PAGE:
“As the former Director of the Franklin County Board of Elections, I have seen and experienced firsthand the importance of an efficient early voting period including these last few days.  In 2008, roughly 93,000 voters appeared at their early vote center during the last three days of early voting prior to Election Day.  Today’s ruling provides for an even smoother Election Day and affirms the votes of the many boards of elections who felt weekend hours were needed for proper election administration. All Ohioans should truly be pleased.”

Rep. Reece issued the following statement:

“It is unfortunate that we had to depend on the federal court to do what the State refused to do.  This is a major win for the voters of Ohio. The court decision could impact almost 93,000 Ohioans who took advantage of voting during those days in 2008. I am glad the matter has finally been put to rest in favor of Ohio voters and confusion over the issue has ended with the last 3 days reinstated.”

State Rep. Sandra Williams released the following statement:

“I applaud the US Supreme Court’s decision rejecting Husted’s appeal to eliminate the last three days of early in-person voting.  Upholding the decision of the lower courts only reaffirms that Husted’s previous directive was unconstitutional. 

“I am pleased that all Ohioans will have full access to the polls.  The last three days allows for greater flexibility and increased opportunities for citizens to cast their ballots.  While this is a big win for the people of Ohio, I want to encourage everyone to continue taking advantage of the in-person early voting hours.  Don’t wait for the last three days if you don’t have to.”

Rep. Teresa Fedor issued the following statement:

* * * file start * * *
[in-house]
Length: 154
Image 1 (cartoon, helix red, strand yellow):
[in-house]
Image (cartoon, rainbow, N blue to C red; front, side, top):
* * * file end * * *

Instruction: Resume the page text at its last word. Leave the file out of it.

“This decision should reassure Ohio’s voters that the courts are not interested in helping state Republicans with their voter suppression agenda.  The highest court in the land has upheld early voting on the final 3 days before the election which will help us have a smooth election in which every voter’s voice is heard.  With this decision, veteran voters, elderly voters, student voters, minority voters, all voters will be welcomed back to the polls on the final 3 days before the election.”


Rep. Teresa Fedor Applauds Passage of Human Trafficking Victim Protection Bill

State Rep. Teresa Fedor released the following statement on the passage of Am. Sub. House Bill 262 by a unanimous vote in the House of Representatives.

“I am overwhelmed that this critical legislation has received such broad support.  We have a child sexual abuse crime wave in Ohio.  The passage of HB 262 today is a huge victory for victims of human trafficking.  This is a problem that deserves immediate attention by my colleagues in the Senate.  The time to take action is now, we must protect the victims of these heinous acts of human slavery and stop the individuals that are the benefactors of this underground criminal network.

“Am. Sub. H.B. 262 or the Safe Harbor Act, aims to help juvenile victims of human trafficking. This victim-centered legislation follows a three-prong approach of providing protection, prosecution, and prevention.  We’re protecting our minors by providing them with services instead of an arrest warrant.  We’re aiding in prosecution by creating greater penalties for human trafficking, and providing a mandatory minimum prison sentence of 10 years.  We’re preventing continued trafficking by increasing penalties against buyers of commercial sex.

“House Bill 262 not only creates a safe haven for the victims of human trafficking, but also goes after the offenders that profit and engage in this criminal activity.  We must ensure that strict laws are in place to deter and punish this type of crime. This bill would not have been possible without the support of key state decision makers and Governor Kasich.”